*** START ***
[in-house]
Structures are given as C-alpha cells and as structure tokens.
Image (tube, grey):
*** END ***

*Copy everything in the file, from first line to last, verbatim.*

[in-house]
Structures are given as C-alpha cells and as structure tokens.
Image (tube, grey):